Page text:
Wed.,-Sat., 9am-5pm,
last admission at 4pm
Open May-November
Expanded hours in November

    Powerful, Dramatic, Unforgettable

    Take an immersive, eye-opening journey through time to learn about the land and its Native people. The Pequot Museum’s award-winning, interactive, multi-media environment stimulates the senses, captures the imagination, and stirs the spirit. 


    Our Latest News 

     NOW OPEN for the season

    Join us this month to celebrate the beauty and variety of American Indian cultures – past and present. See how our history-changing research informs modern life and beliefs. Watch as a traditional dugout canoe takes shape before your eyes. Enjoy the flavors and aromas of our new menu items in the Pequot Café: made with indigenous ingredients; sourced from local and indigenous vendors. 


    Mission Mishoon 

    Saturday, August 8 — Mishoon Launch into the Mystic River

    In Mystic, CT, on Saturday, August 8, twelve New England tribal members will embark on a 6-mile round trip paddle from the Mystic Seaport Museum to the mouth of the Mystic River and back.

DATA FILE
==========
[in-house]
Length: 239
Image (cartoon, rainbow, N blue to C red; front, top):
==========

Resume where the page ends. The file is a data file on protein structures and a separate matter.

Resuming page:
As a part of the celebration launch, hosted at Seaport Marine, we will have paddling demonstrations, an educational exhibition featuring Native artists, drummers and our very own team of archaeologists and experts answering questions and highlighting the historical significance of this area. As a museum member, you will have exclusive access to this event where we will be offering refreshments and light appetizers.

    So why is this important? The Mystic river connects three of the Nation’s oldest Indian Reservations, from the headwaters near the Mashantucket Pequot and Eastern Pequot Reservations to the river’s mouth where the first Pequot reservation at Noank was located. The paddle will also acknowledge the 1637 “Mystic Massacre” on Pequot Hill, one of the most significant and controversial events in early American history. In subsequent centuries, as Indians lost rights to their lands, many turned to maritime labor. Mystic, CT became an important place where many Native people went to find work on commercial and whaling vessels. The Mishoon paddle is meant to educate the public about these hidden histories and to demonstrate that rich cultural traditions in the region persist.


    Click here for all the details.


    Artists-in-Residence: Calling Native artists

    The Pequot Museum is now offering studio work space to Native artists free of charge on a first come, first serve basis. As an Artist-in-Residence, you can demonstrate your process to visitors, show your work, and help us design a retail option for selling your work. Learn more here or download a space request form.

    For more information contact:

    Cliff Sebastian